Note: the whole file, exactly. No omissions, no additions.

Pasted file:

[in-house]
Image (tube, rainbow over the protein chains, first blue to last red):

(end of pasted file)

[in-house]
Image (tube, rainbow over the protein chains, first blue to last red):